Highway of Tears hits the books

Highway of Tears placed under a microscope as the UNBC and the RCMP work together to investigate the Highway of Tears

  • Aug. 27, 2012 8:00 p.m.

Christina Millington

Omineca Express

 

 

 

Highway of Tears placed under a microscope as the University of British Columbia and the RCMP work together to investigate the Highway of Tears and what needs to be done to make it safer.

According to RCMP reports the investigation into the disappearance of people across the North is ongoing and extensive.

The University of British Columbia was approached to conduct a study in an effort to support some of the observations made over the years that have been gathered to analyze data that can be worked with to put an end to hitching on rural highways.

Sgt. Keays of the Vanderhoof detachment is quite concerned with the current risks of hitchhiking.

“It is a concern to me the amount of people hitching on highway 16,” said Keays. “Especially our First Nations females.”

The members if the Vanderhoof detachment will be taking part in the study at UNBC in order to assist the research.

“We will be stopping and engaging hitchhikers to gather information for the study,” said Keays.

“We quite often stop and assist hitchhikers to be sure they are safe and to get an idea of where they are going.”

The study requires community cooperation to make this study meaningful and something that will arise an awareness of the crimes that have been occurring in regards to the hitchhikers being victimized in their travels.

“We really need to engage our youth and aboriginal people in regards to the risks that come with hitchhiking,” said Keays.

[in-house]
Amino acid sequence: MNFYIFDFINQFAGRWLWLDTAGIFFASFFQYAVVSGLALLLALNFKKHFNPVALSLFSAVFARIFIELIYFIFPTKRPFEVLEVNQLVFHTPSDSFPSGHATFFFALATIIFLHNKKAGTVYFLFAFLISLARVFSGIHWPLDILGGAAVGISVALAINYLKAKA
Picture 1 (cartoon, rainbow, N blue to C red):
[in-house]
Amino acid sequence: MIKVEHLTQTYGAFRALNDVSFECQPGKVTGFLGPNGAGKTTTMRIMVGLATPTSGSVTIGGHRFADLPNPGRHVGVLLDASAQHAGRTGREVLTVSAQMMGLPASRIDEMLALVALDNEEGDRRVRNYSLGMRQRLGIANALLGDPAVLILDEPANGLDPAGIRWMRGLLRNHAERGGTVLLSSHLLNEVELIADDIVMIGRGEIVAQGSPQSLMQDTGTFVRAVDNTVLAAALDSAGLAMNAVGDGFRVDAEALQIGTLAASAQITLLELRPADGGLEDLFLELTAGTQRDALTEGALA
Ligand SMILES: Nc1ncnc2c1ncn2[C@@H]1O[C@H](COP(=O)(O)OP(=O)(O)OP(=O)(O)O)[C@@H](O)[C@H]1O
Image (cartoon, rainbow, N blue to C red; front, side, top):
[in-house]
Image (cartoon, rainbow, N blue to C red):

The RCMP detachment has been engaged to instill the importance of this study and the information gleaned in order to have the information and research necessary to go forward.

 

Just Posted

Column: the 4-H way of life

Local 4-H member Jacinta Meir on what being a member means to her

Local soccer player Sydney Kelly receives prestigious Premier’s Award

The 18-year-old trained with UNBC’s soccer team while in high school

2018 marks 100 years since the end of World War I

Quesnel legion’s historian Doug Carey documents some of the atrocities of WWI

B.C. Legions in need of young members to continue aiding veterans into the future

Lest we forget what thousands of men and women did to fight for Canada’s freedoms – but without new membership, many Legion chapters face dwindling numbers

North Coast figure skater to star in Dancing On Ice

Carlotta Edwards learned to skate in Prince Rupert, before becoming a star with millions of viewers

VIDEO: Amazon to split second HQ between New York, Virginia

Official decision expected later Tuesday to end competition between North American cities to win bid and its promise of 50,000 jobs

Kuhnhackl scores 2 odd goals as Isles dump Canucks 5-2

Vancouver drops second game in two nights

Stink at B.C. school prompts complaints of headaches, nausea

Smell at Abbotsford school comes from unauthorized composting operation

Fear of constitutional crisis escalates in U.S.; Canadians can relate

Some say President Donald Trump is leading the U.S. towards a crisis

B.C.-based pot producer Tilray reports revenue surge, net loss

Company remains excited about ‘robust’ cannabis industry

Canada stands pat on Saudi arms sales, even after hearing Khashoggi tape

Khashoggi’s death at Saudi Arabia’s consulate in Istanbul further strained Riyadh’s already difficult relationship with Ottawa

Feds pledge money for young scientists, but funding for in-house research slips

Canada’s spending on science is up almost 10 per cent since the Liberals took office, but spending on in-house research is actually down

‘Targeted incident’ leads to death of Quesnel man

One man died of life-threatening injuries on Nov. 8

Disabled boy has ‘forgiven’ bullies who walked on him in stream, mom says

A Cape Breton teen who has cerebral palsy was told to lie in a stream as other kids walked over him

Most Read